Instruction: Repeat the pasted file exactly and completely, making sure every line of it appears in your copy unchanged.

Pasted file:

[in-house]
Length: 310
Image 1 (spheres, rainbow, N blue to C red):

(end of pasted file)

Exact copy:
[in-house]
Length: 310
Image 1 (spheres, rainbow, N blue to C red):